India is one of the key markets for investors looking to capitalize on the fast-evolving tech sector as it has accounted for 56 per cent of deal value of the total PE and VC tech activity in the Indian and Southeast Asian markets since 2015, says a report.


According to the report by global risk management firm Kroll, and deal tracking firm Mergermarket, since 2015, India has seen the majority of total PE and VC tech activity with 71 per cent of volume.


As the next biggest market, Singapore accounted for 33 per cent of deal value and 10 per cent of volume, while Indonesia (7 per cent of deal value and 7 per cent of volume) was also on investors’ radar screens.


“As traditional banks continue to face pressure from non performing loans in India, and increasingly in Southeast Asia, technology companies seeking capital have been turning to private investors,” said Reshmi Khurana, Kroll’s Managing Director and head of South Asia.


“Moreover, governments in these geographies have been providing fertile ground for digitisation and tech investment through policy initiatives, by incubating tech funds with traditional banks or by initiating e-governance projects to digitise government services, attracting investment in ancillary industries like enterprise solutions,” Khurana added.


Private Equity (PE) and Venture Capital (VC) investors in Southeast Asia and India announced 170 technology transactions worth $2.6 billion in the first quarter of this year, and going ahead the deal momentum looks bullish.


Throughout 2017, India and Southeast Asia received $18 billion in technology deals, up from $6.5 billion in 2016, indicating the attractiveness of these high growth markets.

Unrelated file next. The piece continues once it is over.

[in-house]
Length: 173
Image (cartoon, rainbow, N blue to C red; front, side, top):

The report noted that investors are looking to capitalize on the tech sector as technology is expected to reshape some of the core growth sectors in these countries, such as financial services, education, healthcare, and retail.


The report further noted that while local or regional funds have been the dominant players in these markets, foreign investors have been making inroads.


US investors took part in 25 per cent of tech investment occurrences from 2015- to the first quarter of this year, followed by Japanese (5 per cent) and European (4 per cent), the report noted.


“Globally, traditional tech investors like Tiger Capital, SoftBank, have almost doubled down on investments in the region, catalysing the rise of locally grown tech unicorns,” Khurana said.


Going ahead, PE investments in the tech sector may begin to look up in 2018 and beyond.


In the next 12-24 months, both regions may see steadier international interest and buyouts as more investable targets start to reach the size and growth stage that render them ripe for the picking, the report titled ‘Staying ahead of change: Investing in disruptive tech in India and Southeast Asia’ said.